As a result of a previous post (Architecture: simple CQS) I've been thinking how I could build a simple system that is flexible enough to be extended later.
In other words: I don't see the need for a full-blown CQRS now, but I want it to be easy to evolve to it later, if needed.
So I was thinking to separate commanding from querying, but both based on the same database.
The query part would be easy: a WCF data service based on views to that it's easy to query for data. Nothing special there.
The command part is something more difficult, and here's an idea: commands are of course executed in an asynchronous way, so they don't return a result. But, my ASP.NET MVC site's controllers often need feedback from a command (for example if a registration of a member succeeded or not). So if the controller sends a command, it also generates a transaction ID (a guid) that is passed together with the command properties. The command service receives this command, puts it into a transactions table in the database with state 'processing', and is executed (using DDD principles). After execution, the transactions table is updated, so that state becomes 'completed' or 'failed', and other more detailed information like the primary key that was generated.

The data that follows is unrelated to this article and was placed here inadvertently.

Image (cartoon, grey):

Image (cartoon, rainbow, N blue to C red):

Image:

Meanwhile the site is using the QueryService to poll for the state of this transaction, until it receives 'completed' or 'failed', and then it can continue its work based on this result. If the transactions table is polled and the result was 'completed' or 'failed', the entry is deleted.
A side effect is that I don't need guid's as keys for my entities, which is a good thing for performance and size.
In most cases this polling mechanism is probably not needed, but is possible if needed. And the interfaces are designed with CQS in mind, so open for the future.
Do you think of any flaws in this approach? Other ideas or suggestions?